Even the name “Dynasty Design” conjures up opulent visuals, vaulted ceilings, metallic finishes and elegant accessories. Owner, Nancy Lusk, understands the importance of creating a look, an ambience and a distinctive signature in a home or business.
In addition to catering to dozens of upscale residential clients each year, Lusk has also served as a designer for a number of medical and professional offices. She first came to Colorado Springs from Texas in 1980, and works with clients often even after they leave the Pikes Peak region. Recently, she was called to Las Vegas where she handled “build-up” design work for a residential client – often shipping items directly from the manufacturer to enable her customers to see potential purchases in their home.
“That’s one of the things that sets me apart from many other designers,” Lusk says. “We ship out so much merchandise on spec – and encourage the owner to make decisions based on the way a dresser or mirror looks in the home. I never force my ideas on my clients (who Lusk admits often become good friends),” she says. Testimony to that philosophy comes from one Broadmoor Resort Community client who recently built a 14,000-square-foot home that Lusk was asked to decorate. “We took over as much as $200,000 worth of art objects, chandeliers and fixtures for them to review – including Swarkowski crystal door knobs and bathroom appointments. The client basically accepted all my recommendations. Of course, we both come from Texas.”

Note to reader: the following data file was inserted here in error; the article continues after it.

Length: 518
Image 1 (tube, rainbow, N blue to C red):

Currently, Dynasty Design is responsible for work on ten projects – at least half of which involve new construction. “My temptation is to say ‘yes’ to every opportunity, but then I can’t do a good job for my customers,” she said. Lusk recently had to turn down design work for a 24,000-square-foot residence. The owner is a homebuilder. “I hated to do it,” admitted Lusk, “but my time was already committed to other jobs.”